Lend-Lease began a 50-year period of exception in American foreign policy, brought about because totalitarian industrial states, first Germany allied with Japan, and then the Soviet Union, threatened to assume control of Europe and possibly all Eurasia. These were arguably existential threats that required responses such as this country made.
Those threats are no more. The jihadi threat is real and potentially deadly, but it's of a different order than Nazism or communism.
We are not a competent imperial power. Consider the Philippines.
When the Soviet Union collapsed, there was no reason to preserve NATO, let alone expand it, and little reason to maintain troops in Germany or Korea or even Japan. We tried, like the March of Dimes after the invention of the Salk and Sabin vaccines, to maintain a structure whose purpose was gone.
Rather than trying to revive the desiccated corpse of Woodrow Wilson, we can return to the Washingtonian precept of avoiding foreign entanglements. Consider the following:
- Bring most of our troops back from the Eastern Hemisphere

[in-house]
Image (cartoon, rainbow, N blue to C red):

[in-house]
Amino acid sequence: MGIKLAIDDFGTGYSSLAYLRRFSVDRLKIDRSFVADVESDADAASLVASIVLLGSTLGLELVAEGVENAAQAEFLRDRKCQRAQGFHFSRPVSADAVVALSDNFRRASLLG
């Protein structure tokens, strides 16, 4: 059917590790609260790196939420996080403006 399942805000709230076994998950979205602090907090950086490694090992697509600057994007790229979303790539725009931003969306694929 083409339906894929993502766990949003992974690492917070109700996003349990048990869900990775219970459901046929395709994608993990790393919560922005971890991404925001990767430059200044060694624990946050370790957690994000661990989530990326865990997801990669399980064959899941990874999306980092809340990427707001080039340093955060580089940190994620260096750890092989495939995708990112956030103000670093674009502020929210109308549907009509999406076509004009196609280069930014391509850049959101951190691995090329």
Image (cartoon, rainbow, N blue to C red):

- Build a strong Navy and keep our powder dry.
- Encourage energy independence by building nuclear electric plants and encouraging conservation.
- Radically limit immigration, especially from Muslim countries and of unskilled workers.
- Balance globalism with a degree of autarky, preserving domestic productive capacity for strategic purposes.
- Avoid foreign intervention unless necessary to preserve the homeland.
Some claim there is a threat from China, or Iran. Neither, however, threatens our homeland, or even domination of Eurasia. The expansion of both is self-limited, Iran by the sea of Sunnis around it, China by its own problems, the presence of India and Japan, and the ocean between us, although if I were Putin I'd worry about losing Eastern Siberia to China, and soon.
Likewise, Russia remains authoritarian, but with a collapsing population, weak institutions, and no ideology to attract the dissidents among its neighbors and us, it may be a threat to Georgia or Lithuania, but it isn't to us.
Of greater concern, perhaps, are the perennial Chavezes and Moraleses of Latin America, but these, too, are manageable, and of greater concern to Brazil than to us.
In short, why not return to the historic pattern of enjoying advantages our transoceanic location provides, and avoiding the quarrels of the Old World? Call it "isolatonism" if you will, but there's no decent argument against it under present world conditions. If we remember the Hippocratic inunction to first, do no harm, such a policy is likely to be humane compared to its interventonist alternatives.
ADDENDUM: I'd also reduce the size of our nuclear arsenal while encouraging others to do the same.